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How can the misuse of Europe’s history be stopped?

Starting 10 October, the Körber History Reflection Group will convene in the Ukrainian city of Lviv, bringing together 25 high-ranking experts and allowing for confidential discussions on how to overcome diverging historical narratives in the former “bloodlands” of Europe.

From Russia and the Baltic States through Poland and Hungary to Belarus and the Ukraine – the violent history of the 20th century has left indelible marks on the nations of Central Eastern Europe. In times of rising political, national and religious divisions throughout Europe, current discourses on history have become inseparable from their political meaning. Through them, questions of national unity, identity and values as well as claims to power are debated and affirmed – with implications that touch both on domestic and bilateral or international conflicts. A heightened understanding of historical events and developments is therefore imperative to counteract the political exploitation of Europe’s past.  

Since 1989/1991, dealing with the Soviet past has been a major issue of political and societal debates in all countries of the former Eastern Bloc. Political changes enabled societies to address previously suppressed, disregarded or contested aspects of national socialist rule openly and without ideological bias. Questions of national remembrance and their place within the broader European past and present were intensely debated throughout Central and Eastern Europe.

But in recent years, singular conflicts either rooted in national historical narratives or justified through claims of righting historical wrongs have exacerbated bilateral disputes and domestic tensions. The Crimea and Donbas conflicts are the most prominent and crucial among these. Yet Polish-Ukrainian disagreements on the Volhynia massacres, marred Baltic-Russian relations regarding Soviet occupation, Hungary’s dealing with the ‘Trauma of Trianon’ or the wary relations of self-searching Belarus with its Eastern and Western neighbours illustrate the ubiquity of contested pasts throughout the region. At the same time, countries in Western Europe very often lack an adequate awareness of the conflicting histories and commemorations in Central and Eastern Europe that contribute to overall European divisions.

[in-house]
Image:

The Körber History Reflection Group offers international and interdisciplinary debate in a confidential round table setting at venues central to Europe’s contested past, thereby allowing participants to cut to the historical core of current political conflicts and developments. Until 2021, the focus will lie on the legacy of the two World Wars in the former Bloodlands of Europe. The meeting in Lviv will deal specifically with questions related to the experience of multiple occupation, with the treatment and rights of minorities in the region, as well as Ukraine’s current position between Russia and Europe.

The Körber History Reflection Group complements the Körber History Forum, enabling in-depth debate and dialogue over the historical dimensions of political conflict and striving to counteract the weaponisation of the past.

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